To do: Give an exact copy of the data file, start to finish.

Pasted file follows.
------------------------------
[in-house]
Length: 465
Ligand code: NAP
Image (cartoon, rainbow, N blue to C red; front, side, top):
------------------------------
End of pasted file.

[in-house]
Length: 465
Ligand code: NAP
Image (cartoon, rainbow, N blue to C red; front, side, top):